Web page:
"Most of the kids at my daughter's party have some form of autism, and the host from the theater was wonderful with them," says Kelli Rimondi, of Springfield, Massachusetts. "She worked around their food allergies and sensitivities."
School of Rock
Take singing and dancing to the next level with a music-themed birthday party place!
Recommended venue: School of Rock. Kids spend the first hour in the music room with an instructor. Little ones learn rhythm games, play instruments, and perform a rock version of "Happy Birthday" into standing mics. Tweens head to the sound studio to write a song. "We take a backing track of, say, a Katy Perry tune and then have the kids work with an instructor to come up with lyrics that match the interests of the guest of honor," says John Carboy, manager of the Farmingdale, New York, location.
Sure, you can thrift a bunch of dress-up clothing (tutus, dresses, scarves, etc.) and throw a fashionable party at home. But some venues will do the work for you.
Recommended venue: Kidville. You choose from 16 themes—ballerina to trains, space to animal safari—most of which involve either making your own dress-up items (such as fairy wings) or putting on a costume like a pink tutu from the location's stash. All parties also include gym activity such as freeze dance or an obstacle course relating to the theme.
Shannon Sutherland, of New York City, had her 3-year-old daughter's superhero party at Kidville in March. "Amelia wore her Wonder Woman costume, but all the kids made capes," she says.
More Fun Kids’ Birthday Party Places
Apple Orchard. Go apple picking, and kids can harvest their own healthy goodie bag while they get fresh air and exercise. Some orchards offer bonus activities, like visits with farm animals.
Build-A-Bear Workshop. Birthday guests make a furry friend from scratch. Kids choose, stuff, and accessorize their bear and then take it home. Check out buildabear.com for locations.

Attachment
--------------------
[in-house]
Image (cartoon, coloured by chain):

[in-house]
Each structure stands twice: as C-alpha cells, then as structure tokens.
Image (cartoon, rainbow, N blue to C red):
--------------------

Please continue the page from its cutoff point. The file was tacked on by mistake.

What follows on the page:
Ceramics Studio. Paint your own pottery—mugs, bowls, plates—at a ceramics studio.
Fire Department: For a donation, many fire departments offer their space and time. Young party goers can talk with firefighters, try out equipment, and even hop aboard the truck. But beware, if the fire bell rings, the party is over!
Factory: From crayons to jelly beans to potato chips, your kids can find out how their favorite stuff is made on a tour of a local factory, with free samples and goodie bags waiting at the end.
Ice Cream Shop: Your local ice-cream shop provides the ice cream and toppings, and you provide the sugar monsters. Contact a parlor in your town, or log on to benandjerrys.com for Scoop Shop locations.
Ice Rink: Kids can heat up on the ice with skating, games, and music. Skate rental are often included in the per-child price, and rinks usually have an event room for gifts and birthday cake.
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Museum: Find a museum that offers special kids' exhibits and programs, and take the gang. Some museums have discounted rates for children, so this could be a cheap birthday party place for kids!
Nature Center: Host a party at a nature center or botanical garden. The fun includes nature walks, plantings, and other projects.
Martial Arts Studio: Little ones will get a kick out of a party at a martial arts studio. They can play games and learn real karate kicks appropriate to their age.
Zoo: Head to the zoo and check out the animals by touring with a staff member, or zoo-it-yourself and host your own group viewing.